Diagnosing contact herbicide damage in cereals

This category includes contact herbicides from a range of chemical groups that require uniform spray coverage to be fully effective.

All exposed parts are affected, more on one side with spray drift
Spot damage on leaves caused by contact herbicide - paraquat (left) carfentrazone (centre) and bromoxynil (right)
Leaf kinking and tip scorch may result from herbicide droplet damage
Sprayed plants rapidly become limp, bleached and scorched

Herbicides in this category include:

  • Bromoxynil and carfentrazone that are used for post-emergent broadleaf weed control in cereals. These chemicals cause mild symptoms such as necrotic (tissue death) leaf spots and streaks.
  • Non-selective knockdown herbicides that cause symptoms ranging from leaf streak and spotting, to death depending on rate, coverage and plant age.
  • Symptoms appear within hours (Group L), or one or two days (Group G, bromoxynil) of application.

Chemical name Example trade name Chemical name Example trade name
Group L - Bipyridyls Group G - Aryl triazalinone
Diquat Reglone Cafentrazone

Affinity®, Hammer®

Paraquat

Gramoxone®

Group G - Pyrimadindione
Diquat+paraquat

Spray Seed®

Butafenacil Knockdown component of Logran

® B-Power®

Group C - Nitrile Group G - Diphenyl ethers
Bromoxynil

Buctril®

Oxyfluorfen

Goal®

 

What to look for

    Paddock

  • Widespread plant bleaching and limpness.
  • Wind drift damage is worst on paddock edges, temperature inversion drift occurs in low lying areas.

    Plant

  • The pattern of damage reflects spray coverage and may be worse on one side of the plant. Plants die or recover with fresh new shoots appearing.
  • Numerous pale necrotic spots sometimes with a brown edge or streaks on the leaves and stems and occasional leaf tip death.
  • More serious damage includes leaf wilting, interveinal chlorosis, marginal leaf burn and leaf death.
  • Severely damaged plants shrivel up within four days of application.

What else could it be

Condition Similarities Differences
Diagnosing abiotic leaf spots in cereals Pale leaf lesions, tip death, leaf kinking Vegetative frost damage have generally less severe symptoms that occur in different parts of successive leaves and may be more likely in frost-prone areas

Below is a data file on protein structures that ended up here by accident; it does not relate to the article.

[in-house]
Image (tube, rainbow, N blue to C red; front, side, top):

Diagnosing foliar nutrient damage in cereals Pale leaf lesions, tip death, leaf kinking Plants with foliar nutrient damage recover quickly
Diagnosing group F herbicide damage in cereals Pale leaf blotches and streaks on sprayed leaves Leaf blotches caused by Group F herbicide damage fade without causing lesions

Where does it occur?

Spraying herbicide
Spraying herbicide
Temperature
Temperature
  • Serious damage is generally caused by direct spraying. Contact herbicide spots may be caused by spray drift, but plants will generally recover. Damage declines with distance from intended spray area and spotting will be worse on the side of plants facing the source of the spray.
  • Group G damage symptoms are greater when spraying occurs under humid, high temperature, high moisture, dewy and high sunlight conditions. Plant symptoms will also be greater where adjuvants such as oils are used. There has been no reported yield loss associated with these symptoms.
  • Plants stressed by frost are more susceptible to damage by bromoxynil.
  • Bipyridl herbicides have some movement within a plant if sprayed at night, and consequently cause more damage than when sprayed in daylight.

Management strategies

  • There are no treatment options, plants either die or completely recover. As a precaution, spray when the risk of drift is low or when environmental conditions are safe.

Where to go for expert help

Page last updated: Friday, 26 June 2015 - 8:11am